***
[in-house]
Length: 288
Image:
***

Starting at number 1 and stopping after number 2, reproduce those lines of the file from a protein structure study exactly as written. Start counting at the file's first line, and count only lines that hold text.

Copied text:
[in-house]
Length: 288